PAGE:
The Protagonist meets up with arms dealer Priya (Dimple Kapadia) two days before he will inadvertently hand the plutonium over to an inverted Sator. Priya reveals that she has acquired her own turnstile and The Protagonist devises a plan in which he, Neil and Kat travel back to Kat’s Vietnam holiday with Sator – the one they were on before the events of the film – in the belief that Sator is travelling backwards to this point in time. Kat explains that he is terminally ill and is most likely planning to kill himself here. Once he dies, an algorithm he’s concocted will be detonated reversing the entropy of the world; in other words, the future will cease to exist. Once they arrive at this point in the past, they will go through the turnstile so that they are moving forwards again. Kat will arrive at the yacht and, pretending to be the past version of herself, will kill Sator after The Protagonist and Neil have deactivated the algorithm.

To do this, Ives leads a Temporal Pincer Movement in which a ”blue” team – including Neil – inverts and travels back one hour to learn of the events that are about to happen (because for them, it would have already happened) so they can, in turn, brief the “red” team who are moving forwards in time. This team includes Ives and The Protagonist. They then have 10 minutes to work in tandem to prevent future Sator’s algorithm from activating: the “blue” team moving backwards, the “red” team forwards AKA ten minutes forward and backwards, which gives the film its name (TENET).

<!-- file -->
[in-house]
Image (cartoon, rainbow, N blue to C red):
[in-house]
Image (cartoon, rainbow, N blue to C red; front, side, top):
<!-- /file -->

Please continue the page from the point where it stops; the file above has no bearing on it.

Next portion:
Midway through, inverted Neil prematurely goes back through the turnstile to help the “red” team. Once the mission is complete, though, he has to invert back again in order to catch the “blue” team on their next loop, so he can revert back to moving forwards in time at the correct stage. This version of the character will not see The Protagonist again. However, beyond the events of the film, The Protagonist – armed with the knowledge of his experiences – will invert at an unknown stage in the future to hire past Neil before they ever meet (in The Protagonist’s eyes). This is how the events of the film will then take place – the whole film is essentially a giant Temporal Pincer Movement.

'Tenet' stars John David Washington and Robert Pattinson

Past Neil will know about these events before he meets The Protagonist – which is why he knows more than he’s letting on throughout, and also why Neil says he knows The Protagonist ”never drinks on the job” when they “first” meet. It is hinted that past Neil and the future Protagonist enjoy carrying out plenty of missions together and have a “beautiful friendship” long after the events of the film, Their final scene, though, is the last time he will meet Neil in a linear timeline.

After this, The Protagonist ”ties up loose ends” by killing Priya, who wants to kill Kat, who is alive and well in the future despite the fact that she would have died in the past. Inverting is what saved her. After Kat kills Sator on the yacht, she will lie low until her past self is shot and inverted (thus closing that loop) so that she can continue being a parent to her son. The phone call we see her make at the beginning of the film – to say she’s being watched – was actually set in the future. She is calling the present day version of The Protagonist, who is looking out for her from afar.